Summing Up: Highly recommended. Academic audiences, all levels; general readers.
Calgary Herald
Who better to explain the benefits of swimming and how to treat it as an excellent workout than an Olympian? Greg Whyte does all this and more in his new handbook.... Whyte, a U.K. swimming champion and now a professor of applied sport and science at Liverpool's John Moores University, deals with all aspects of swimming as a fitness discipline for novice and experienced swimmers alike. There is guidance on stroke technique for front crawl, breaststroke, backstroke and butterfly, tips on diving and flip turns and complete training programs in water and on land. Basically, it covers everything you could possibly need to know about swimming.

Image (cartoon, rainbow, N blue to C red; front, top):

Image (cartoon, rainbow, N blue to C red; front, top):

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Product Details

  • ISBN-13: 9781554076307
  • Publisher: Firefly Books, Limited
  • Publication date: 9/2/2010
  • Pages: 272
  • Sales rank: 573,152
  • Product dimensions: 7.20 (w) x 9.10 (h) x 1.10 (d)

Meet the Author

Garry Hamilton is a journalist and the author of several books, including Arctic Fox: Life at the Top of the World.

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Sort by: Showing 1 Customer Reviews
  • Anonymous

    Posted July 23, 2012

    I liked this book because it spaned from the already invasive sp

    I liked this book because it spaned from the already invasive species that are permently set in place to those that could be a benifit to society if maintained correctly.

    Was this review helpful? Yes  No   Report this review